It is also useful for pages generated by jekyll-archives and also for my client-side javascript full text search based on lunr, and a special page with all the text from all the pages, and all the cards of the site. The page is very heavy, so you will need to load it only when required, and with some loading spinner. As it is not complicated you can have a look at my GitHub to see how it works.

Auto redirects based on browser’s language

To achieve that, we will require some javascript. Note that until now, your site will display nicely if your viewer has deactivated javascript. With the below javascript it will still be rendered OK, the user won’t simply be redirected.

So somewhere in your default template:

<script type="text/javascript">
let curLang = "{{ include.curLang }}"
let pageTrans = {
    {%- for lang in include.lang-translations -%}
    {%- assign translated_post = all_posts | where:"slug", lang[1] -%}
    '{{ lang[0] }}':'{{- site.baseurl -}}{{ translated_post[0].url }}', 
    {%- endfor -%}

let navLangs = [navigator.language]; // Use navigator.langages to match all browsers langages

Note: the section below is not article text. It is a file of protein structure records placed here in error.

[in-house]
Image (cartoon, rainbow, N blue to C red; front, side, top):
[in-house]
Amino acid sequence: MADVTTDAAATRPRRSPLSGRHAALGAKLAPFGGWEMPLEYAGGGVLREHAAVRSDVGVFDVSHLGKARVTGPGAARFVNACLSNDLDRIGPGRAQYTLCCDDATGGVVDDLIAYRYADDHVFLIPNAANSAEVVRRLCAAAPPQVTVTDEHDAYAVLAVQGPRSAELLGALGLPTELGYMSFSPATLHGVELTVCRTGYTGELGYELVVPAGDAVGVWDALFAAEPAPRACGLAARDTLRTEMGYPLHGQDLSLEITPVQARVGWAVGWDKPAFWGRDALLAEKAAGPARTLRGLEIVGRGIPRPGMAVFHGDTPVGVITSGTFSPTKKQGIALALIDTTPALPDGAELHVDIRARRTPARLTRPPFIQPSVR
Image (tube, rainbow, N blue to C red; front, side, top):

// navLangs = [...navLangs, ...navigator.languages];
navLangs = => lang.split("-")[0]); // Keep only first part of langage
let navLang = navLangs[0];
let navLangFiltered = navLangs.filter(value => ((value == curLang) || (Object.keys(pageTrans).includes(value))))

function detectIfRedirectNeeded() {
  if ((navLangFiltered.length > 0) && (navLang != curLang) && (!document.location.hash.includes("lang"))) {
    document.location.href = document.location.origin + pageTrans[navLang]


The liquid part will generate in javascript the list of available translations so that the client javascript will be able to interpret the navigator.language variable with the browser settings, and redirect if needed.

Add Google Translate

With all that, adding Google Translate is quite easy:

In your template: